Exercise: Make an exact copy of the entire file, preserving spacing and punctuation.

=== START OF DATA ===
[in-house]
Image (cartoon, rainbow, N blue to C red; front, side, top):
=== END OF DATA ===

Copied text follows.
[in-house]
Image (cartoon, rainbow, N blue to C red; front, side, top):